Sunshine, hot peppers, vitamin D vs. cancer

Researchers show off latest findings in fight against the disease


Spending some time in the sun and eating hot peppers may help fight cancer. And using aspartame to sweeten your coffee probably won't cause the disease.

Those are just a few of the conclusions announced this week at the 97th annual meeting of the American Association for Cancer Research in Washington. About 16,000 scientists attended the event and presented more than 6,000 papers.

One of the most intriguing findings concerned vitamin D. Researchers at the Samuel Lunenfeld Research Institute at Mount Sinai Hospital in Toronto looked at more than 2,000 women, about half of whom had breast cancer.

Through interviews with the subjects, researchers reconstructed how much vitamin D they had been exposed to during their lives.

Exposure to sunlight is the best way to get the body to manufacture its own vitamin D.

Women who had worked at an outdoor job between the ages of 10 and 19 had a 40 percent reduced risk of breast cancer. Those who had an outdoor job between 10 and 29 had a 35 percent lower risk.

Researchers have known for years that vitamin D may decrease the chance of getting cancer, but the study further cemented the link.

The researchers also looked at the effect of dietary vitamin D intake. Taking cod liver oil (which contains large amounts of vitamin D) between the ages of 10 and 19 reduced breast cancer risk by 25 percent, and drinking at least nine glasses of milk (which also contains large amounts of vitamin D) a week between the ages of 10 and 29 lowered the risk by a third. But it only seems to work on the young. In older women, vitamin D intake had no effect on cancer risk.

Epidemiologist Julia Knight, the lead researcher on the study, said vitamin D may "reduce the out-of-control growth that occurs with cancer development."

She suspects that the stage for subsequent cancer may be set during initial breast development in adolescence and the 20s. By limiting abnormal growth during that period, vitamin D may lower breast cancer risk.

As far as sun exposure goes, Knight emphasized that more research is necessary and said she didn't "want to encourage people to get a sunburn." That's the downside: spending too much time in the sun can increase the risk of skin cancer.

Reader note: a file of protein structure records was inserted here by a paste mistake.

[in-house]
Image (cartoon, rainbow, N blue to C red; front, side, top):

"Fifteen minutes to half an hour can give you a fair bit of vitamin D," she said.

Another vitamin D study, by scientists at the University of California at San Diego and Harvard University, found that taking 1,000 international units of the supplement a day may lower breast cancer risk by half. The typical American consumes less than a third of this amount.

Vitamin D may not be the only item to add to your grocery list. Researchers at the University of Pittsburgh reported that capsaicin, the chemical that makes hot peppers hot, may kill certain cancers.

The researchers fed capsaicin to mice that had been implanted with human pancreatic tumors. They found that the spiced mice had significantly smaller tumors than animals that did not receive capsaicin.

In further tests, the scientists found that the substance seems to trigger the release of proteins that induce cancer cells to kill themselves. At the same time, capsaicin did not harm normal cells.

The lead investigator, Sanjay Srivastava, a pharmacologist at the University of Pittsburgh School of Medicine, says capsaicin has the potential to prevent and treat pancreatic cancer, one of the most lethal forms of the disease. Of the 30,000 people diagnosed with it every year, almost all die within 12 months. It is the fifth-leading cause of cancer death in the United States.

Meanwhile, scientists at the National Cancer Institute studied 567,000 Americans of both sexes and reported that aspartame, the widely used artificial sweetener sold most commonly as NutraSweet, does not appear to increase the risk of brain tumors, leukemia or other blood cancers. Some animal studies had suggested that the chemical might be associated with increased cancer risk.

In other research, two scientists from the Johns Hopkins University have discovered evidence that a substance known as cyclopamine may help short-circuit cancer recurrence.

In many cancer patients, initial treatment seems to wipe out the cancer. But the disease often returns, eventually killing the patient.

Dr. William Matsui and Dr. Neil Watkins, assistant professors of oncology at the Johns Hopkins School of Medicine, used cyclopamine to wipe out cancer stem cells, which generate other cancer cells. These cells are thought to be the culprit in many recurrences.

Working with colonies of bone marrow cancer cells, the scientists used cyclopamine to turn stem cells into regular cancer cells, which subsequently died. Matsui says the drug may be a potential treatment.

"[Cancer stem cells] are the factories that the rest of the cancer gets made from," he said. "You want to knock out the factory."

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